China has strongly defended its claim on the South China Sea ( SCS ) at the Asian Security Summit, while the US stepped up pressure to stop illegal activities and militarization in the disputed waters.
The decades-old SCS issue was among the main topics at this year’s summit, dubbed the Shangri-La Dialogue ( SLD ), which ended on Sunday. The event, held in Singapore, was attended by global military chiefs and security analysts.
After receiving strong criticism from the US, Vietnam, Japan, India, France, the UK, the Philippines and Australia, the bellicose China reiterated its position at the summit that it respected international laws and strongly defended its sovereignty in the SCS.
“We do not make trouble, but we have no fear of trouble. China will not bear the consequences nor will it allow any infringement on its sovereignty and security interests, or stay indifferent to some countries creating chaos in the South China Sea,” the head of the Chinese delegation, Adm. Sun Jianguo, said in his speech on Sunday in Singapore.
Sun, the deputy chief of the joint staff department of China’s Central Military Commission, was responding to comments from US Secretary of Defense Ashton Carter, who said on Saturday at the SLD that Beijing risked erecting a “Great Wall of self-isolation” through its “expansive and unprecedented actions” in the disputed waters.
The US, which is not a claimant country in the SCS issue and has not taken a side in the dispute, also sent a strong signal that it would remain a guarantor of regional security.
“But, the United States will stand with regional partners to uphold core principles like freedom of navigation and overflight, and the peaceful resolution of disputes through legal means and in accordance with international law,” Carter said.
Vietnam, the second fiercest claimant on the SCS after China, said that Hanoi would not take sides in the dispute and called for the issue to be resolved in accordance with international laws such as the UN Convention on the Law of the Sea ( UNCLOS ) as well as peaceful regional-level negotiation between ASEAN and China.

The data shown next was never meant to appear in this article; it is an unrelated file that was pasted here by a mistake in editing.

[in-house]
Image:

Vinh fired shots at China by saying the latter’s acts of “unilateralism and coercion” in the SCS could lead to militarization of the region. “This development, if not addressed, is likely to lead to armed races, rivalry and unpredictable and disastrous consequences,” he said on Saturday.
Meanwhile, Indonesia and other ASEAN countries called for a peaceful solution to the SCS dispute and asked all claimant countries not to resort to provocative actions that may escalate tensions in the region.
“We must not allow the South China Sea dispute turn into a conflict. We must optimize our efforts to resolve the issue through peaceful means,” Indonesian Defense Minister Ryamizard Ryacudu said on Saturday.
Echoing a similar view, Thai Prime Minister Prayut Chan-o-cha, who delivered the keynote address on Friday, said ASEAN unity was important in order to create a new equilibrium in the region, adding that the SCS dispute must be resolved through peaceful means.
“We promote the freedom of overflight and navigation, and we support peaceful resolution of conflict in line with international law including the United Nations Convention on the Law of the Sea,” Prayut said.
Surprisingly, facing a legal dispute on the SCS at the international tribunal in The Hague, China claimed that it and ASEAN were capable of preserving peace in the region.
“China and ASEAN are capable of preserving peace and stability in the South China Sea through cooperation. Other countries should play a constructive role in this regard, not the other way around,” Sun said.
Currently, China claims more than 85 percent of the SCS based on its 1947 nine-dash line, which is mostly based on historical rights, while other claimants ( except Taiwan ) refer to the UNCLOS and the 200 nautical mile exclusive economic zone. ( ags )